Kir'Shara: “After finding the Syrrannites were not the ones who bombed the Earth embassy on Vulcan, Archer and T'Pol attempt to take a sacred, but controversial artifact back to the Vulcan High Council. The artifact holds the key to an internal religious struggle going on between the Vulcan people, which had provoked the bombing of the Earth embassy. However, powerful forces are out to prevent Archer, T'Pol, and T'Pau (Kara Zediker) from reaching the High Council with the artifact alive.”
This trilogy offers a good exploration of the Vulcans. It develops concepts like the Katra that we know from other places, and it sets up characters who were more prominent elsewhere. It also brings a nice sense of style to the table and provides a series of episodes that give us a fine look at the Vulcans and their mythology.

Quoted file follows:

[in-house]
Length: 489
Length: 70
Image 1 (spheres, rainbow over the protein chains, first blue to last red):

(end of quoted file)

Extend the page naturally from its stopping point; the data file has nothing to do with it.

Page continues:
Daedalus: “The inventor of the current transporter system claims he has found a way to transport people over great distances, possibly even making star ships obsolete. The Dr. and the Enterprise set out to verify the claim in a remote part of the star system. But the Dr. has other plans for Enterprise's transporter system.”
For me, the best parts of this episode give us insights into the creation of the transporter. I’d like more of those, but instead, the show prefers to focus on Dr. Erickson’s (Bill Embry) attempts to manipulate the system. These lead to some satisfying emotional moments at the end, but the journey to get there is only moderately engaging.
Observer Effect: “Non-corporeal aliens who study other species by occupying their bodies study the Enterprise crew and their human reactions to different stimuli. Their best results come from putting the other species in life or death situations, but mostly death situations. Can the Enterprise crew survive the aliens study?”